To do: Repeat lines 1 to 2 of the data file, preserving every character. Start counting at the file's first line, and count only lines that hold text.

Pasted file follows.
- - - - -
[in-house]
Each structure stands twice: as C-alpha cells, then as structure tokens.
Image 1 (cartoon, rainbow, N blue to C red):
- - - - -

[in-house]
Each structure stands twice: as C-alpha cells, then as structure tokens.